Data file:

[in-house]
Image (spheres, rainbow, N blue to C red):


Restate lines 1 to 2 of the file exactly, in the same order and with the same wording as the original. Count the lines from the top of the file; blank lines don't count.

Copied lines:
[in-house]
Image (spheres, rainbow, N blue to C red):